The requirement for inspiring urgent political action towards the safekeeping of the planet’s species cannot be overstated. This responsibility should transcend all levels of industry, business, and society as we strive for a generation of people that give, not take. Increasing pressure on the world’s natural assets is simply not sustainable.
Around the world, 595 rangers died while working between 2009 and 2016. Many of them were murdered by armed poachers. Anti-poaching rangers form the first and last line of defence for nature. Without the right training, equipment, management and support they cannot defend the World’s natural heritage for future generations.
Across much of Africa anti-poaching tactics have remained largely unchanged for decades. Small groups of under trained and poorly equipped rangers are sent out for days on end to conduct patrols in remote and dangerous locations. Modern-day poachers have evolved and routinely utilise military tactics and equipment to kill high-target species, such as elephants, rhinos and gorillas. In the cross-fire, rangers are also killed. Seeing this shortfall, organizations such as the International Anti-Poaching Foundation (IAPF) set out in 2009 to fill the gap.
The IAPF has a structured approach to conservation, employing the relevant tactics and technology to defend wildlife from the ever-increasing threat of poaching within protected areas. Anti-poaching, however, is only a portion of the conservation solution. To be a part of successful projects, the IAPF works alongside partners who specialise in community engagement and development, research and development, wildlife rescue and biodiversity management.
Anti-poaching protects community assets, creates jobs, promotes training and education, and reduces habitat destruction. In the many water stressed countries of southern Africa, future generations will depend on these critical natural environments for their very well-being. They have deployed projects in Kenya, Mozambique, Zimbabwe, and South Africa.
Using Technology to Find Poachers
Poaching has become a hot topic for technology to tackle. Hidden and remote cameras and technologies have long played a role in conservation to find locations and movements of animals and study them and now they are increasingly being used to track poachers. Some of the world's biggest technology companies are using artificial intelligence, facial recognition software, drones and satellite tracking to assist in the battle against the illegal wildlife trade.
Intel is supplying cameras that can recognise human figures to help quickly identify trespassers for ranger teams. Their hidden cameras, known as Trailguard AI, will be deployed this year to the Serengeti by wildlife charity Resolve to protect elephants, and will also be brought to Africa and South East Asia. In the Serengeti, Intel claims its new cameras can help augment the capabilities of 150 rangers when they are tracking and monitoring poachers.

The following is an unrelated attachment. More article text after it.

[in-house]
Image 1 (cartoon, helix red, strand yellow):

"It is about making sure [technology] is context specific and it responds to the needs of people working on the ground rather than retrofitting it to a situation," said Paul De Ornellas, chief science adviser at the World Wildlife Foundation (WWF). In 2014, an effort to bring anti-poaching drones to Namibia by the WWF, sponsored for USD $5 million by Google, was driven out of the country by the government, citing security concerns about the drones. Specialised infrared cameras are being used in the Maasai Mara in Kenya. These infrared systems, deployed by the WWF and developed by Flir Systems, have led to dozens of arrests of poachers. In Malawi, specialised thermal imaging BatHawk drones, from the non-profit African Parks and commercial drone operator UAV & Drone Solutions have been trialed.
Not all conservationists are convinced by the need for technology: "All this tech comes along and a heck of a lot of it proves to be useless and expensive," says Adam Welz, an independent conservationist. Many poachers come heavily armed and in South Africa rangers have to risk their lives for as little as a few hundred dollars per month, meaning tech experiments rather than additional boots on the ground are not always welcomed.
In the case of the drones, Mr. Welz adds they are banned above parks in some cases in Kenya and Namibia, and some of the small drones have limitations, such as their lightweight batteries lasting around 30 minutes, make them hard to use in the vast wilderness. Mr. Welz points to the ethical challenge of turning a wildlife park into a veritable armed enclosure, of drones and thermal detectors. Ultimately, he wonders whether this cash could go better towards helping local communities who turn to poaching as a way to escape poverty.
The Meerkat System in the Kruger National Park in South Africa has proved a success as it uses remote thermal imaging cameras and is solar powered and portable, so it can be transported by truck or helicopter to hotspots. The system claimed to catch 90 poachers in its first six months of operation in 2017.
In collaboration with the US group Digital Democracy, a drone operation in Guyana, South America helped map lands for the local Wapichana indigenous people so they could stake their claim against illegal logging companies to 7 million acres. They have also built an online early warning system, using satellite data.